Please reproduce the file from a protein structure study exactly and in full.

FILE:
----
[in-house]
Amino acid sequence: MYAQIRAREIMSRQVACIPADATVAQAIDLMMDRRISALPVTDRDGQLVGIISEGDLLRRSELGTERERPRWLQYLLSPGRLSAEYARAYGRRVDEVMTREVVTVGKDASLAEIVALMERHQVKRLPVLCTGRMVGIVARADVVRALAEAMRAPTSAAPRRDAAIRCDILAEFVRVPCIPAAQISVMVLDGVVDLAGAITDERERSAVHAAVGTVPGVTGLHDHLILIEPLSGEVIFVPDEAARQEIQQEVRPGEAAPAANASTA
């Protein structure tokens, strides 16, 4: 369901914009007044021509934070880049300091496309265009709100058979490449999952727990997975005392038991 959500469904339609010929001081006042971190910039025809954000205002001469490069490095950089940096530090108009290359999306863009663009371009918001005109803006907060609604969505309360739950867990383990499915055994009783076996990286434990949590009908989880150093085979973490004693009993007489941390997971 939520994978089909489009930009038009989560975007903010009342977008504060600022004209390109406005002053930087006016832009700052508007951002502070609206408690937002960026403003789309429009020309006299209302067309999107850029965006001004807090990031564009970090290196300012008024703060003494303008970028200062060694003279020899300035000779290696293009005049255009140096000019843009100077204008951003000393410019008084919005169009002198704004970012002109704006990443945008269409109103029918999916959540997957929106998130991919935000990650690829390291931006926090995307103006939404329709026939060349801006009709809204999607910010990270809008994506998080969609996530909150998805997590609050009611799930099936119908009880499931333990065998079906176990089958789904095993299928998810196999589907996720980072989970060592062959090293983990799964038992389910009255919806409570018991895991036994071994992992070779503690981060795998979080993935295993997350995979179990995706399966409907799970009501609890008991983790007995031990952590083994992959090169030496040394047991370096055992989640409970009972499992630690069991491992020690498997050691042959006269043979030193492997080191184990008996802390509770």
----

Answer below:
[in-house]
Amino acid sequence: MYAQIRAREIMSRQVACIPADATVAQAIDLMMDRRISALPVTDRDGQLVGIISEGDLLRRSELGTERERPRWLQYLLSPGRLSAEYARAYGRRVDEVMTREVVTVGKDASLAEIVALMERHQVKRLPVLCTGRMVGIVARADVVRALAEAMRAPTSAAPRRDAAIRCDILAEFVRVPCIPAAQISVMVLDGVVDLAGAITDERERSAVHAAVGTVPGVTGLHDHLILIEPLSGEVIFVPDEAARQEIQQEVRPGEAAPAANASTA
């Protein structure tokens, strides 16, 4: 369901914009007044021509934070880049300091496309265009709100058979490449999952727990997975005392038991 959500469904339609010929001081006042971190910039025809954000205002001469490069490095950089940096530090108009290359999306863009663009371009918001005109803006907060609604969505309360739950867990383990499915055994009783076996990286434990949590009908989880150093085979973490004693009993007489941390997971 939520994978089909489009930009038009989560975007903010009342977008504060600022004209390109406005002053930087006016832009700052508007951002502070609206408690937002960026403003789309429009020309006299209302067309999107850029965006001004807090990031564009970090290196300012008024703060003494303008970028200062060694003279020899300035000779290696293009005049255009140096000019843009100077204008951003000393410019008084919005169009002198704004970012002109704006990443945008269409109103029918999916959540997957929106998130991919935000990650690829390291931006926090995307103006939404329709026939060349801006009709809204999607910010990270809008994506998080969609996530909150998805997590609050009611799930099936119908009880499931333990065998079906176990089958789904095993299928998810196999589907996720980072989970060592062959090293983990799964038992389910009255919806409570018991895991036994071994992992070779503690981060795998979080993935295993997350995979179990995706399966409907799970009501609890008991983790007995031990952590083994992959090169030496040394047991370096055992989640409970009972499992630690069991491992020690498997050691042959006269043979030193492997080191184990008996802390509770």